And those of you who come to read my words have a pretty good idea of the types of posts you’ll find here.
One of the editors at SheKnows contacted me a while ago and asked if I would consider joining their team.
She said she wanted to bring on someone who wrote about parenting “from the heart.”
And in that moment, she handed me a tremendous gift…validation.
She validated the writing that I do here. She reads my blog and knew that I was the person she wanted to bring on.
And that wouldn’t have happened if I had wavered in my writing…if I had written to please others or bent to make my blog like some of the amazing blogs I read.
That’s what I want so badly for those of you who blog. I want you to know that all of the work that you’re putting in is worth it. Whatever you write, do it from your heart. Write for you. And I’ll be right there, cheering you on.
So what will I be doing at SheKnows? I’ll be writing a weekly parenting column called Practicing Gratitude and I’ll be contributing some additional parenting pieces each month in addition to my column.
This new journey leaves me giddy. I barely slept last night in anticipation of my column going live this morning.
I am so grateful to SheKnows for bringing me on board. I keep thinking I’m going to wake up and find out it was a dream.
It would mean the world to me if you’d come by. Today, I’m explaining why it is that I’m such a sap.
But once we added in the 45-minute drive each way, what was a minor inconvenience at first, in time became a torturous way to start the week.
So, after her last performance, I went online to look at the schedule to find a more mommy-friendly time for ballet.
And as I scrolled through the offerings, I casually asked Katie if she’d like to continue with ballet or go back to gymnastics.
Without pause, she replied, gymnastics.
And I was taken aback, honestly, because I’m not even sure why I asked the question.
She had seemed so happy with ballet…a dream that I’ve always had for her.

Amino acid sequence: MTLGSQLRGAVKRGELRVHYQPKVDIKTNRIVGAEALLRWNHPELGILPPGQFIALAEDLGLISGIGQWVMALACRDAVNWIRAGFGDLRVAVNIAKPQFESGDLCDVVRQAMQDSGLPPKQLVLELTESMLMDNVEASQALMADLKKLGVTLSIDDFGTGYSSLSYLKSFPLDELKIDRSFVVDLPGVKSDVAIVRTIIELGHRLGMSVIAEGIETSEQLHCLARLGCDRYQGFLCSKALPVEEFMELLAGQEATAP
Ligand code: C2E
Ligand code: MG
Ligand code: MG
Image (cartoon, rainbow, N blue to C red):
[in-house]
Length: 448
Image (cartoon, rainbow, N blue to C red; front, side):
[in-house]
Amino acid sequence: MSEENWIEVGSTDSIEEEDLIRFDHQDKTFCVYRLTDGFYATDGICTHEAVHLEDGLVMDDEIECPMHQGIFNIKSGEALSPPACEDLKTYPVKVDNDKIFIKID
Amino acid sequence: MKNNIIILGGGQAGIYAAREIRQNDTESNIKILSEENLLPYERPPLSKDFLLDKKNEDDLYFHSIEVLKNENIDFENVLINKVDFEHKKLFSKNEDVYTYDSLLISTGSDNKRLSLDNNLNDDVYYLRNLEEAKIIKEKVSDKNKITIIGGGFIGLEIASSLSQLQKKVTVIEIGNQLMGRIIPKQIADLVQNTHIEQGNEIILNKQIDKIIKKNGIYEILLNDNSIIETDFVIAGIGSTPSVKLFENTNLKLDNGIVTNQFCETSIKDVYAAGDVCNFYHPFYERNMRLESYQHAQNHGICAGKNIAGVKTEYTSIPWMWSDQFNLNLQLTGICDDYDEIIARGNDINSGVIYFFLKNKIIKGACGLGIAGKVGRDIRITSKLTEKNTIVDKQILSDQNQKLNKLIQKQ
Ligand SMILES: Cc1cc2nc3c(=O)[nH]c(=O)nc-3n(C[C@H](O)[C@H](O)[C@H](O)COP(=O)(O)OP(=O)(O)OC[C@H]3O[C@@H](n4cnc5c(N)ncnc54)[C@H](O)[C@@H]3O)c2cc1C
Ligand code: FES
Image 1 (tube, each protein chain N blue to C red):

But, in that moment, I was reminded that ballet was my dream for her. Not her dream for her.
So, we have enrolled her in gymnastics and she is elated.
The benefits to giving young children the power to choose are numerous. Children, particularly preschoolers and early elementary students, become easily frustrated when they feel like they don’t have any decision-making power in they lives. When it comes to the larger issues (i.e. safety, bedtimes, healthy eating habits, etc.), they don’t have a lot of choice. Allowing them to make decisions on smaller issues that affect their everyday lives, such as what outfit to wear to school, empowers them. It shows them that we believe in them, and that they are capable of making decisions that are important to them. Children who are given the opportunity to make decisions tend to exhibit higher self-esteem, more assertive behaviors, increased self-confidence, and fewer negative attention seeking behaviors (i.e. meltdowns when things don’t go their way, tantrums, whining, etc.). These kids feel like they have some control over their lives, which empowers them to make good decisions. It also helps hone their decision-making skills, which will be used throughout their lives. Children who are never given choices feel less self-confident, have difficulty making decisions when they have to, and might question their self-worth.
Reading Katie’s words makes me feel good about our decision to let our Katie make her own choice, especially since she’s so little that most of her choices are low-stakes at this point. I know that I will blink my eyes and she will be a teenager and her choices will be so much bigger.
There’s a huge part of me that hopes she’ll switch back to ballet when this cycle is up, but if she doesn’t, I’ll be right there to encourage her to continue to follow her heart.
This parenting thing? Way trickier than I ever dreamed it would be.